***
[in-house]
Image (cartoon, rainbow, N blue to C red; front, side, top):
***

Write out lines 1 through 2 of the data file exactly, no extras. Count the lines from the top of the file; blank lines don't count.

[in-house]
Image (cartoon, rainbow, N blue to C red; front, side, top):